“What you have is lumber that is splinter-free, maintenance-free, you don’t need to reseal it every five years, and you could even recycle it when you’re done,” says Freed. The only downside is that the boards get hotter than wood, so they’ll be toastier on the feet if they’re sitting in the sun. “But it doesn’t off-gas, and you don’t absorb anything through your skin when you touch it, which is what I like about it.”
Also keep in mind that some woods, including western red cedar, redwood and Brazilian walnut known as Ipe (pronounced ee-pay), are naturally durable and resistant to moisture. So they will require less treatment with chemicals, and are great for the outdoors.
Woes with Woods
While chemicals get most of the blame for reactions, sometimes the compounds that Mother Nature produces can be equally problematic. One of the biggest mistakes that DIY-ers make is putting wood directly into soil, which encourages mold to grow, then spread in the air. “Mold requires two things in order to survive and thrive: One is wetness and the other is some sort of food,” explains Freed. “So if you have a deck that goes directly into the dirt, you’ve essentially stuck a straw into a big pile of food for the mold. So your deck will keep wicking moisture and food and you’ll never get rid of it.”
The key, says Freed, is to keep wood away from soil and other sources of moisture by putting posts into concrete, and by encouraging air flow through the deck so the wood can dry out. He also encourages sweeping decks rather than hosing them down in order to minimize mold growth. “It’s not a garden,” he quips, “it’s a deck.”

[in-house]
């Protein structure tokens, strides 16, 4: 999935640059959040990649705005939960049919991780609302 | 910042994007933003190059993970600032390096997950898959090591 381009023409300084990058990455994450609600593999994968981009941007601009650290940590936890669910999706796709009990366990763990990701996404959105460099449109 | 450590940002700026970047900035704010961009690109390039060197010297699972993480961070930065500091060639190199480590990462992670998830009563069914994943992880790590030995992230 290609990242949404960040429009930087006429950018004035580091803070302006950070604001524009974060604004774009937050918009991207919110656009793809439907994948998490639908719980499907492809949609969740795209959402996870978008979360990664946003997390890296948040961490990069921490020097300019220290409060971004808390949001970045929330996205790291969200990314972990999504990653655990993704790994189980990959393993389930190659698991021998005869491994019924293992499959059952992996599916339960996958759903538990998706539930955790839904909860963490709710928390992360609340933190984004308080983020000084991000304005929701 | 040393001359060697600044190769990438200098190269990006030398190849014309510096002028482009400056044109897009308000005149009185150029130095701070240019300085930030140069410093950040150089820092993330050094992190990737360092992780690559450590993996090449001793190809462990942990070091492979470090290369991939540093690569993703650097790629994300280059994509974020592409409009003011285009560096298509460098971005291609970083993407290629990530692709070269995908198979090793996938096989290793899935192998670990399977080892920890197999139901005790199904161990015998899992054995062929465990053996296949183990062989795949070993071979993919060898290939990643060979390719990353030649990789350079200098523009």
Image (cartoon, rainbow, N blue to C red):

But mold isn’t nature’s only backyard troublemaker. For some, certain types of wood, especially in their sawdust form, can trigger asthma, watery eyes and contact dermatitis – even in people who had no idea they were sensitive. According to Dr. Richard Weber, a professor of medicine at National Jewish Health in Colorado, it’s the acids and resins found in woods such as pine, redwood and red cedar that most often cause problems.
“The contact dermatitis is usually due to resins that ooze out of wood that’s not totally cured, and the planks will ooze sap for a while,” says Weber. “The asthma is more likely to happen when you are dealing with fine sawdust that gets up in the air and you inhale it.”
Weber explains that some woods, such as pine, have a coarser sawdust that’s heavier and less likely to get into the lungs, while harder woods produce finer sawdust that’s easier to inhale. And don’t think you’re off the hook by buying exotic woods from Africa or Asia; there are plenty of reports of those causing reactions as well.
So how can you prevent your deck from taking a bite out of your health? Weber says common sense is key. “People shouldn’t be asking for trouble. If somebody knows they’ve had a problem with a certain type of wood, then they ought to be making the deck out of something else,” he advises. “If someone has reasonably bad asthma to start with, there’s a good chance that inhaling fine dust is going to be irritating no matter what, and then you’ve got to get somebody else to build your deck for you.